Can your employer make you pay for your own personal protective equipment? If it drops your pay below minimum wage, probably not.
These days, it seems like we are in a whole new world of "social distancing," masks, gloves, and remote work. Thanks to the coronavirus, employers and employees are learning new rules.
Unfortunately, some employers forgot an old rule - companies cannot make their workers pay for clothes and equipment needed to work, if paying for those items drops an employee below minimum wage.
This is now coming up in the context of employers requiring employees to purchase or provide PPE - personal protective equipment like masks and gloves.
Employers must pay wages "free and clear." This means the employer cannot require an employee to pay for or provide tools or equipment needed to do their job. This can include PPE, like masks. Here are some rules of thumb to keep in mind:
1. If paying for personal protective equipment required to do your job takes your total wage below minimum wage for the week, you might have a claim for unpaid wages/under-reimbursed expenses.
2. If you paid for personal protective equipment in a week in which you worked overtime hours and received overtime pay, you might have a claim for unpaid wages/under-reimbursed expenses.
Biller & Kimble, LLC's wage and hour lawyers are well-versed in recovering un-reimbursed expenses for delivery drivers who are required to use their own vehicles (like pizza delivery drivers). We are now using that expertise to help employees who are forced to provide their own PPE to work.
We would be happy to discuss your case with you for free and at no obligation on your part. You have nothing to lose by calling us.
If you think you may have a claim or just have a question, call us today at (513) 202-0710 to discuss your situation with a free, no obligation consultation.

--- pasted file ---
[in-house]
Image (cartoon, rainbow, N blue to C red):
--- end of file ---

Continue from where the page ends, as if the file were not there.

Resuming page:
What about working remotely? Can your boss require you to buy things like a computer, camera, or video conferencing software?
Just like masks, gloves, and personal protective equipment, your company might have to reimburse you the cost of any equipment you had to purchase to work from home. The rules on this are complicated, so it is best to consult with an attorney to discuss your specific situation and options.
A general rule is that if any purchase reduced your wage below minimum wage or happened in a week when you worked overtime, you might have a claim. If you do, call us at (513) 202-0710 to discuss your options.
COVID-19 has changed a lot, but the law on employee expenses is something we are very familiar with. Our firm is known for recovering under-reimbursed vehicle expenses for delivery drivers and un-reimbursed expenses for service workers. We can use our deep expertise in this area to fight for workers who are forced to provide their own masks, gloves, and other personal protective equipment in order to work.
Many of our results are included on Our Victories page. Obviously, every case is different, and we cannot guarantee any particular result.
Want the legal details?
If you want some of the specifics on the federal rules and laws that apply to whether your employer has to reimburse you for requiring you to provide or pay for PPE, this is the place to find it.
Personal Protective Equipment Reimbursement Claim Basics
Rule 1: FLSA Regulation 29 C.F.R. 531.35 requires companies to pay wages "free and clear." This is lawyer-speak for the idea that a company cannot tell an employee "I will pay you minimum wage if you pay me $3.00/hour." A company isn't really paying minimum wage if they require the employee to pay something back.
Rule 2: FLSA Regulation 29 C.F.R. 531.35 spells out that requiring an employee to purchase and provide "tools of the trade" is the same thing as making the employee pay money back to the employer. In other professions, this often comes up when an employer requires a minimum wage employee to purchase a uniform.
Rule 3: Personal protective equipment like masks and gloves, if required for work, can be a "tool of the trade" just like a uniform.
Rule 4: As a result, if the cost of the PPE would drop the employee's wage below minimum wage OR occur during a week that the employee works overtime, companies are probably required to reimburse employees for their expenses.
If your employer has required you to purchase or provide your own personal protective equipment (PPE), like masks or gloves, and you think you might have a claim or even just have a question, please contact us at (513) 202-0710. We would be happy to discuss your options and rights. The call is free and there is no obligation.